The relationship that exists is that of cooperation, for big companies to invest in South Africa, create jobs and give people the skills.
The ANC policy conference rejected the use of ‘white monopoly capital’ to describe the problems in the economy.
National executive committee member Joel Netshitenzhe said nine of its eleven commissions at the policy conference agreed after intense discussions on the “reality of white dominance” in the economy but then felt the use of ‘white monopoly capital’ was incorrect.
Netshitenzhe addressed journalists after plenary on Tuesday night after commission had concluded their business and said that the relationship that exists between the African National Congress and capital as well as monopoly capital is that of unity, cooperation and contestation as per their 2007 Polokwane resolution.
“With regard to the strategic goals of the ANC there was the issue that was raised about how in simply terms we can characterise this National Democratic Society,” Netshitenzhe said.
“The agreement as reflected in the draft [is that] the closest that society can be equated to across the globe would be a combination of a developmental state that leads in ensuring very high rates of growth but secondly combined with a social democratic state that ensures re-distribution of resources in favour of the poor,” he said.
“There are areas in which we seek to cooperate with them… higher rates of investment, job creation and skilling of people,” the NEC member said.
“There is no reference to monopoly capital as an enemy of the ANC or of the National Democratic Movement. If they were the enemy, what do you do to the enemy? You destroy the enemy and so with our approach to monopoly capital, there might be areas of divergence, we need to regulate, and you need to discipline them where it is necessary,” Netshitenzhe told journalists.
He was briefing them on what the Strategy and Tactics commission discussed at the party’s 5th national policy conference in Nasrec, Soweto.
“In that context, it would therefore not be correct to characterise ours simply as white monopoly capital. That relationship would apply whether it’s Japanese, Indian, white or whatever category you can think about,” he said.
The proposal to force the policy conference to declare ‘white monopoly capital’ as an enemy of the ANC revolution is believed to have been brought by Mpumalanga, North West, Free State and KZN as well as the ANCYL and ANCWL but rejected by Gauteng, Limpopo, Western Cape, Eastern Cape and Northern Cape.
Netshitenzhe added that the ANC cannot run way from the reality of white dominance in the economy, “in the context of assets, income of the professions as well as other privileges that we have inherited from the past”.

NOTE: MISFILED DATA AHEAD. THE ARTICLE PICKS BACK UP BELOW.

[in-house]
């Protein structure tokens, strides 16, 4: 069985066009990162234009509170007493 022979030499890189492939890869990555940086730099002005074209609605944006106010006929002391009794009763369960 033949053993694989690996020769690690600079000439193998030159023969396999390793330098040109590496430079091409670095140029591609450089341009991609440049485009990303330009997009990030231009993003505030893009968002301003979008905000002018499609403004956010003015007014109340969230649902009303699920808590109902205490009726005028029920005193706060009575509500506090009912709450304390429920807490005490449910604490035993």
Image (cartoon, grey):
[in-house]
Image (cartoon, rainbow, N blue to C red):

Meanwhile, North West ANC chairman Supra Mahumapelo said that ANC leaders briefing media on plenary recommendations but confuse them with commission resolutions is wrong.
“That is against the spirit in which as ANC we deal with issues, issues that come from commissions, regions, provinces they get to be tabled in plenary. As soon as they are tabled in plenary you no longer talk commissions because now they are deposited into plenary,” Mahumapelo said.
“We have forgotten our duties as the ANC together with the alliance to mobilise society into our programs of transforming society, busy fighting one another.
“And this has affected the movement. If still we want to lead this country and transform society for the better we must understand that that requires a united revolutionary movement. That is the only instrument you can have to transform society, if you don’t have that instrument you must just forget, you can sing nice slogans but it will be the end of you,” he said.
He wanted to see the SACP leader at the policy conference or at least the SACP leader send a proper delegation to represent them.
Mpumalanga ANC leader David Mabuza is not impressed that SACP leader Bonakele Majuba didn’t come to the provincial policy conference.
He expected Majuba to come in person and deliver the SACP’s message of support or send someone who was properly delegated to come speak, according to him.
Mabuza said this after SACP central committee member Madala Masuku told the thousands of ANC delegates who attended the provincial policy conference at the Mbombela stadium on Saturday morning that he popped in on his way from Mozambique.
Masuku told delegates that he was passing Mbombela coming from Mozambique when he was asked by the SACP in the province to stop by the policy conference and represent them.
Madala Masuku informs dep. chairwowan Violet Siwela who was charing the meeting that he has been asked to deliver the SACP’s message of support. MfisoDIGITAL/ZK.
“What a surprise,” Mabuza said. “What a surprise,” he repeated.
“Comrade Madala was just passing and he saw us here and they said to him ‘because you’re there, represent us’, what a surprise,” Mabuza said.
“Please tell comrade Majuba I’m not happy,” he said to Masuku.
Masuku, a senior member of the SACP, is also the country’s economic development deputy minister.
Madala Masuku. MfisoDIGITAL/ZK.
Mabuza then asked delegates to stand up for a moment of silence in memory of SACP national leader Blade Nzimande’s mother, who died a week ago.
Nozipho Nzimande died at the age of 90 on 11 June 2017.
“We want to convey our sincere condolences to the family, to the entire leadership of the SACP for the loss of our mother,” said Mabuza.
Two NGOs are heading to the Tshwane High Court to force government to respect the constitutional rights of people with regard to the air pollution being caused by Mpumalanga’s Sasol and Eskom power plants.